Emerging Technologies as a Cause of Shadow Work Daniel Marcu putting machine translation in perspective




  • Less than 1 minute, my friend!

    For once I want to link to a blog that I did not write myself, but that I think is a must read for everybody who wants to understand the impact of machine translation technology on the commercial environment the professional translator is working in.

    If we don’t know what the quality of the machine translated sentences really is, we basically say to our customers: “yes we can translate this job for you and guess what, we do the first 50% of words for free“. As long as new translation technology is not qualifying correctly what we (have to) start to work on, WE are organizing our own shadow work.

    I also read the book Daniel is referring to: “Shadow Work: The Unpaid, Unseen Jobs That Fill Your Day” by Craig Lambert. Highly recommended. I now see shadow work everywhere, even in my own job!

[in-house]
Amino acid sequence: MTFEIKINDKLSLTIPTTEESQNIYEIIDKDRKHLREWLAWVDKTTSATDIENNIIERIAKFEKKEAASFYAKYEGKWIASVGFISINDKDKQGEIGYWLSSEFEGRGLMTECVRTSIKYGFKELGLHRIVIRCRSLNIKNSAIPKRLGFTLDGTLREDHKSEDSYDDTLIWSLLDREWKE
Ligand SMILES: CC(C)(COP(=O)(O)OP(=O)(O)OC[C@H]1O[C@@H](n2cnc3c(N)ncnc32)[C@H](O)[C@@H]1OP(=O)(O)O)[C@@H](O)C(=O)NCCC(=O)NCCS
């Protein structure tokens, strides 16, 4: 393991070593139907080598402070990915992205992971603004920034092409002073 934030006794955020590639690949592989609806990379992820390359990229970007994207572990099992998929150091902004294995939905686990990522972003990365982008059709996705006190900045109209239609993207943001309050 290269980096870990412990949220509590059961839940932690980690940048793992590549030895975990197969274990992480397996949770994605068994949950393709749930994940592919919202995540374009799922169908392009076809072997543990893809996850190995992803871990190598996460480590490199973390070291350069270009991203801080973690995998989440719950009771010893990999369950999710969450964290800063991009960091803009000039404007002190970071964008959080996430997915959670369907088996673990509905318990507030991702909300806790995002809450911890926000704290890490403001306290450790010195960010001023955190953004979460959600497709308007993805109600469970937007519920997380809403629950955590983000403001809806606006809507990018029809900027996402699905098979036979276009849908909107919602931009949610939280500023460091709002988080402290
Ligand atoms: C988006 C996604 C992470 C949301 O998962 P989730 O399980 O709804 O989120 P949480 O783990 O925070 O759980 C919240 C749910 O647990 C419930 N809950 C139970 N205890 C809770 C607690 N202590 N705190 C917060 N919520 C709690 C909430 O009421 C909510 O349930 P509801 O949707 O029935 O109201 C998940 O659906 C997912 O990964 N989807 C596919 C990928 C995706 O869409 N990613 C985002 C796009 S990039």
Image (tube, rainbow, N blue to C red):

Gert Van Assche

    About Gert Van Assche

    At Datamundi we're paying a fair price to linguists and translators evaluating (label/score/tag) human translations and machine translations for large scale NLP research projects.

    2 thoughts on “Emerging Technologies as a Cause of Shadow Work Daniel Marcu putting machine translation in perspective

    1. Hi Gert, thank you for sharing. I will read this blog soon! I have to know, even if I already know I will not like it… But I can’t go on ignoring what’s happening and what will happen in near future.

    2. Silvia, nobody likes this, but I think it is true and we should understand the role we play and be wise enough to accept what we cannot change. But still fight it! We sometimes believe people in the low salary countries compete with us, but this shadow work made it clear to me: we compete with ourselves. The only thing we can do, and I wrote this before, is learn how to figure out quickly when new technologies are helpful or not. Use them when they are, and ignore them or fight them if they are not. Craig Lambert’s observations are so true. Sadly.

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